Attention to detail, productive systems and custom experience help The Joinery deliver high-quality furniture to its customers.
 
The company offers a lifetime warranty on residential furniture, and uses classic joinery construction techniques, sustainably harvested wood, and natural oil finishes. Each piece of furniture is signed by its builder.
 
About 40 percent of furniture made is custom, and most work is residential, although the company has done office furniture, conference tables and other commercial work, most recently 15 large conference table for a Portland-based law firm and wood stools for Hilton Garden Inn chain. The company also produces several lines of solid wood furniture, over 200 standard products.
 
 
The Joinery has its 20,000 square foot shop and showroom in southeast Portland, Oregon, and maintains a showroom there and another in downtown Portland.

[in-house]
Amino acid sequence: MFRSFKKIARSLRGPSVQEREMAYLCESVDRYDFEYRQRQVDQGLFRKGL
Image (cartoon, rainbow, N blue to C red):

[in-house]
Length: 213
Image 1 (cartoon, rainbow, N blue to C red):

The showrooms are an important part of the experience. People can come in and see finished furniture and work in process. The company has 33 employees, including 11 builders who work in the shop.  The company has also implemented an ERP system (see accompanying story) to help them manage their own system more effectively.
 
Cassandra Jackson, marketing manager, said that past jobs are used to quote future material. Salespeople have a good idea of the production process, so they can guide customers to match capabilities that the company has. It usually all goes to the designer, who develops the custom quote sheet. She will help find the right design and can make a rendering can be made using the AutoCAD Inventor program.
 
Design details